Philadelphia, PA Venture Capital and Angel Investors
Top 5 Ranked-Startups in Philadelphia
SLYCE is a mobile Visual Purchasing System that allows consumers to purchase products simply by taking a picture at the "Point of Interest" where they are most likely act on impulse. SLYCE is a disruptive technology platform that is being developed in a rapidly growing industry, mobile commerce. SLYCE is currently engaging with both small and large brands to integrate its product in the mobile commerce industry.
Perceptual Networks, Inc. operates as a technology company in Philadelphia. It offers a range of applications that enable users to make friends, fall in love, find a career, and find a place to live.
Zoomer is a platform that handles an extraordinarily high volume of concurrent deliveries from restaurants that already deliver (i.e. pizza, wings, sandwiches, etc.). They bring a much needed change to local high-volume delivery restaurants that are still doing delivery the way they’ve always done it.
Top 3 Angel Investors from Philadelphia
Michael Aronson is the founder of Reality Online. He's invested in well-known startups such as: Ticketleap, Warby Parker and Innova Dynamics
Arie Abecassis is the co-founder of AppStori and a board member of several startups such as: Adapt.ly and Bizness Apps. He's also invested in startups such as: SeatGeek, Sidestep and Flux.
Gabriel Weinberg, author of the book we've mentioned before, Traction, is also the CEO and founder of startup, DuckDuckGo. He's also an investor in two of the startups we've mentioned here: Perceptual Networks and Zoomer, and of course, his own startup, DuckDuckGo.
What Should Philadelphia-based Investors Look For In A Startup's Financials?
There’s nothing better than a startup that is already in the black. They don’t need your money, which makes you want to give it to them all the more!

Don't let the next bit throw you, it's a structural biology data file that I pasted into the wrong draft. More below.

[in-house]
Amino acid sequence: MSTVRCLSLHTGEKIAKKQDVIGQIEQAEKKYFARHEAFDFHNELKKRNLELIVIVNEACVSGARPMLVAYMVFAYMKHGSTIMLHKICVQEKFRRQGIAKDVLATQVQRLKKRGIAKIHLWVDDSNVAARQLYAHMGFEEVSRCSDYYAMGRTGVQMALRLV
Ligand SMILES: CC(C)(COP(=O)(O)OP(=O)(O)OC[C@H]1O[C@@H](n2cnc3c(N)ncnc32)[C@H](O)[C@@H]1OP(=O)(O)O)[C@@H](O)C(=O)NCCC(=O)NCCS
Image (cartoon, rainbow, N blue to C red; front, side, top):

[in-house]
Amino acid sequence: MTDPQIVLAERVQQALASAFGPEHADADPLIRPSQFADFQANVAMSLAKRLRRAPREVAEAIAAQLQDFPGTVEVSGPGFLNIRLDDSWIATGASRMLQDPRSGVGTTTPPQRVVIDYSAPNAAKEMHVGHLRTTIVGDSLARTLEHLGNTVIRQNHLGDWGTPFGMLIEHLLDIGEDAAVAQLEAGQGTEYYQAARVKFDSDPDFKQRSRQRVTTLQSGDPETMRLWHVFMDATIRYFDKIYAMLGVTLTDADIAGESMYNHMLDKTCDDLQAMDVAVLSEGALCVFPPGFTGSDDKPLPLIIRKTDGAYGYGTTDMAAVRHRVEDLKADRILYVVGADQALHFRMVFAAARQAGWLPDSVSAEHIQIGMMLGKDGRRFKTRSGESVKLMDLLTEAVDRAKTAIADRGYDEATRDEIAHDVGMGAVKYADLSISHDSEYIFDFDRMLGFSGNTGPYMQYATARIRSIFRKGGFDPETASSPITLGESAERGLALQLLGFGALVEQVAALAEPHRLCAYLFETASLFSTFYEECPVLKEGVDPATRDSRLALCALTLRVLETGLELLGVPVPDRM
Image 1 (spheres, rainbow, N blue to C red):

But profitable startups are a different animal. In this case, the unicorn (or potential unicorn) isn’t hard to spot – the company is already throwing off cash, and you and every other investor is fighting to get in!
Instead, the key risk is whether or not you’re overpaying for the unicorn, and how hard and fast the unicorn can run.
Three key questions to ask when analyzing a profitable startup are:
1. Why is this company able to achieve profitability?
2. Where are the untapped areas of growth, and why would a capital infusion not only increase, but turbocharge growth?
3. What metrics do you need to hit to give investors a return of three to ten times capital?
Ok, give me an example…
Buffer, an Angel Kings Investment, is a great example of a promising startup that is already profitable. In late 2014, Buffer raised $3.5 million in Series A financing at a healthy $60 million valuation. Even to the casual observer, Buffer had great financials, but what were the underlying indicators that it had a strong chance of providing venture–sized returns for investors?
Buffer's Low Cost Growth
Buffer grew monthly revenue 140% –from $180,000 in October of 2013 to $440,000 in October 2014. It did this without the assistance of any external financing, as the last round it did (prior to the Series A) was back in 2011.
As a social media SaaS provider, Buffer’s business model is extremely lucrative: For every $100 in revenue, about 15% goes to payment processing, servers, and other software / tools. The rest goes to gross profit, and Buffer’s 85% gross margin gives it a lot of, well, buffer to pay salaries and other operating expenses, grow the team, invest in growth initiatives, and still clear a small but healthy profit.
One of the key signs that Buffer is onto something big is that it spends a paltry 1.8% of revenue on sales and marketing. In other words, the product pretty much sells itself. Investors can take comfort in knowing that any additional capital investment in sales and marketing will be targeting extremely low–hanging fruit.